Lately I’ve felt like the Rolling Stones are becoming a soundtrack to my rough days, and I’m hearing them on half the records I play. Why do so many people cover the Stones? I think the answer is in some of today’s tracks and I’m just starting to really understand it.
There’s not a lot of fancy word play in the hundreds of songs Mick Jagger and Keith Richards have written together. There’s really not a lot of clever pop hooks, either. They cut right to the bone. It makes them universal and, when done well, intense. Nobody but Jagger & Richards could write a song like “Connection” (That first track, by the way, was Montrose’s 1974 cover. Yep, Montrose).
The best Rolling Stones covers are by country singers – Not surprising, as some of the best Stones albums have a strong country influence (Beggar’s Banquet, Let It Bleed, Exile on Main Street).
Here’s a rockin’, cold-hearted cover of the Stones’ cold-hearted rocker “Dead Flowers” by the New Riders of the Purple Sage, from their Jerry Garcia-produced live album Home, Home on the Range.
Garcia’s own old time side project, Old and in the Way, included “Wild Horses” on its eponymous album. Famously, the Stones allowed the Flying Burrito Brothers to release their cover of the song before Sticky Fingers hit the shelves, making the Burritos’ extra-country take on the track the grandfather of hundreds of covers. “Wild Horses” is has got to be one of the most-performed Stones songs. Here’s that original recording from Burrito Deluxe.
Gram Parsons also recorded a “Honky Tonk Woman” that incorporated elements of both Stones versions (The single we all love that starts with the cowbell and “Country Tonk” from Let It Bleed). “Honky Tonk Woman” is a country/rock standard, seemingly essential to the survival of mediocre live albums like Elton John’s 17-11-71 and Humble Pie’s Eat It.
After Parsons’ posthumous “Honky Tonk Woman” you heard a cover of “You Can’t Always Get What You Want” by Sandra Rhodes, from an interesting album on Fantasy Records called Where’s Your Love Been?
“You Can’t Always Get What You Want” is a tough song to cover, its original being so epic. This version takes a simpler, Kristofferson-influenced country soul approach I find appealing. Either way its tough because its the little details (“My favorite flavor, cherry red”) that make this song compelling, not the big things, and another singer can’t really replicate that just the same as you can’t replicate the way you feel on a bad day.
Even on a track like “You Can’t Always Get What You Want” the Stones are accessible. You can identify with the emotions. I really wanted to find a cover of “Let It Bleed” for this post (Anyone know of one?) because I feel like Mick is singing to us, the listeners, when he sings “We all need someone we can lean on / And if you want to you can lean on me.”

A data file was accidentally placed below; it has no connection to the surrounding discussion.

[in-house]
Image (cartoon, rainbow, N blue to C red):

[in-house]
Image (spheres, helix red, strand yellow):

This is not really a country record, but its a solid cover of a really good Stones song that gets right to the heart. Here “Out of Time” is done by Chris Farlowe from a 45 here in the shop on the MGM label. Farlowe was a favorite of Stones producer Andrew Loog Oldham (Who was not, as previously reported here, affectionately known as “Loogie”), and he recorded several Jagger/Richards songs, this being the most successful.
Hopefully Bloodshot Records will reissue Alejandro Escoveda’s awesome live album, More Miles than Money, on which he recorded the Stones’ “Sway”. They have already put out a nice vinyl reissue of A Man Under the Influence that we have carried here at Hymie’s, so there’s hope. Escoveda himself is a great songwriter, but the covers he records are great. Here he is singing “Evening Gown” from Mick Jagger’s third solo album, Wandering Spirit (By far the best Stones solo project). Unlike all the other tracks in this post, it wasn’t written by Jagger & Richards, but by Jagger alone
Although it came from a solo album, “Evening Gown” is a great example of the Stones’ confidence and tenacity, and as a straightforward love song its relatively uncommon in their catalog. I wish that I could feel as confident as Mick does in this song.
I really like Ry Cooder’s recording of “Its All Over Now” (Its on Paradise and Lunch). But you’re right – Its not a Jagger/Richards song. “Its All Over Now” was a hit for the Valentinos in 1964, introducing a great singer and guitarist named Bobby Womack – The Stones’ cover gave them their first #1 hit later that year.
Another song that really couldn’t have been written by anyone else is the often-recorded “No Expectations”.
This long version of it is by the Yonder Mountain String Band. “No Expectation”, from Beggar’s Banquet, was issued only as a B-side but has gone on to become a favorite Stones track. Its been recorded by a variety of country singers, including Waylon Jennings and Johnny Cash, folk singers like Joan Baez, and the awesome banjo-playing riverboat captain John Hartford.
“No Expectation” seems like it took off where “Connection” ended, presumably stranded in an airport and presumably without a destination. I haven’t spent a whole lot of time in airports but I still feel like I can identify.
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